My trail of Hugh's heirs actually began with a memory of my father, Robert S., Sr. He remembered having gone to Mattoon, IL, to the funeral of a cousin in the early 1930s, but that was his last contact with those HYTENs When I found Donald William (1913-1999) in the Decatur phone book I guessed he might be one of those "cousins". The funeral had been that of Donald’s father and Hugh's son, Elory Albert (1872-1930). Elory had been a carpenter, contractor, and grocer in the Mattoon, IL, area. Elory’s wife, Nona G. Clegg may have been part Cherokee. I found Elory’s other son, Harry Alexander (1910-1996), in Tucson about the same time.


SIMON MARION HYTEN and Family
Elory's brother, Simon Marion Hyten (1869-1946), was also a carpenter. Twice he shows up in the Matoon, IL census. In1900 he is on Shelby Ave., age 31, with his wife Myrtle M. (21), Ruth M.(8 mo.), and Ely H. (28). The latter was actually his brother, Elory. By 1910 Elory had married and moved on and Simon's family had grown to Myrtle(31), Ruth (10), Florence (8), and Charles (6).
In 1911 Simon moved to El Paso, Texas, where my grandfather, George Robert Hyten, went to visit him once during the 1930s. I have a picture of them standing next to a Model T on a graveled, mountainside road. Simon's family was the HYTEN "tribe" that Herb Hyten found on his 1919 journey through the West. From pictures my cousin Bob Schwalb gave me I know Simon and his wife were living in Los Angeles in 1940-1.
Simon's son, (Wesley) Charles Wesley (1903-1953),lived in California where he was an electrician at the Paramount movie studios.Among his accomplishments there was the development of field trucks for the recording of sound. He also installed the top beam on the Los Angeles city hall. Wesley and Elory's sons, Harry and Donald allserved in the Navy at one time or another. Ruth Marie (1899-) and Florence Myrtle (1901-1992) stayed in El Paso. At the time the first edition of this book was being published in 1988, Ruth Marie, who is said to look like her mother, was the oldest living Hyten. Her son Theodore Lockhart was raised by Simon and Myrtle. He told me that they "were both very wonderful people, religious, thoughtful, kind and caring", and to this day have had a great influence on his life.

Thomas Otho’s son John R. Hyten(1838-1904) is traditionally said to be a native of Kentucky who moved to Illinois in 1845. This somewhat parallels Angelina's story. He was a farmer as were many other HYTENs. He, too, bought land in Cumberland County. On October 27, 1864, he paid $504.00 for 40 acres in Section 08, Township 10N, Range 07E which is now at least partially in the city limits of Neoga, IL. This was thirteen days after he sold 40 acres in Shelby County for $600 (NW 1/4 OF SE 1/4 of Section12, T10S, R6E.) This was his father, Thomas Otho’s land indicating that he had passed away. John R. seems to have again sold this same piece of land on March 3, 1867.
John R.'s wife Eliza Jane Spencer (1851-1877) was descended from Caleb Spencer (1718- ), the son of Samuel and two further generations of Carrol County, KY Spencers. Another of the early settlers of Cumberland County had been a B.R. Spencer who most likely was related to her.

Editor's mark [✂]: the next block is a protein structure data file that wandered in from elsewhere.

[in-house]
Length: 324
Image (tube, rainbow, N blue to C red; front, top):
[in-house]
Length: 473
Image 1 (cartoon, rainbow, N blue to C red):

From 1879 to 1892 he was a resident of Bond County, IL. (I can’t find any record of him selling his Shelby County land.) The 1880 census finds John R. Hyten, age 40, living on Main St., Greenville, Bond County, IL. Listed with him are Annette(12), Robert (10), Evalena (8), Ollie (4), and Lucy(2). His wife Eliza had died by then. The same census lists an orphan, Lucy E. Hyten (6), living in Neoga, Cumberland County, IL, with a Francis Richardson, a male. Since other records indicate that John R.'s daughter Lucy was born in 1874, I would guess that this was his daughter who, at least at the time of that latter census, was living with friends.

GEORGE ROBERT HYTEN
In 1892 he moved from Smithboro, IL, to Edwardsville, IL, to live with his son George Robert Hyten(1869-1953). Their descendants of still live there. His first home in Edwardsville was at 606 No. Fillmore atthe corner of Orchard St. The 1900 census of Edwardsville shows John R. (61) living on Buchanan St. with Nettie Glenn (32), George Robert (30), Lucie E. (26), and Ollie (23). I have anundated picture which is labeled as “Residence of G.R. Hyten on Union Street” which I determined is 415 Union St.
The announcement of George Robert Hyten’s marriage in 1905 to Whilimina Katherine (Minnie) Meier (1878-1929) in 1905 says they were to go on a wedding trip to New Mexico to visit relatives (although I suspect it was Simon in El Paso, TX, whom they were to visit). Also on this trip was a visit to Mexico, MO (Or maybe they went only to Mexico, MO) to stay with the Doerge (pronounced Durr-Gee) family who were related through the Meier family. It also says he, the groom, was a successful plastering contractor.
In 1903, a year before John R.'s death, George Robert bought a house at 403 No. Kansas St. from a man named Schneider. He was to raise his family and spend the rest of his life there. He is listed there in the 1910 census along with his family; Minnie K. (31), Eleanor M. (3), Ruth R.(2), and Robert S. (0) who had been born the previous fall.